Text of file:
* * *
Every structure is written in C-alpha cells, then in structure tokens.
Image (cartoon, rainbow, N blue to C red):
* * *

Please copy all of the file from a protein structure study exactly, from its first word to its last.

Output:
Every structure is written in C-alpha cells, then in structure tokens.
Image (cartoon, rainbow, N blue to C red):